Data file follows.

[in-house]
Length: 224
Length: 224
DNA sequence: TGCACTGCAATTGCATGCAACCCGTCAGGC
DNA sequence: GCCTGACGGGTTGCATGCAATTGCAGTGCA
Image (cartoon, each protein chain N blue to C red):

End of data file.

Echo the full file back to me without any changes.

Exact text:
[in-house]
Length: 224
Length: 224
DNA sequence: TGCACTGCAATTGCATGCAACCCGTCAGGC
DNA sequence: GCCTGACGGGTTGCATGCAATTGCAGTGCA
Image (cartoon, each protein chain N blue to C red):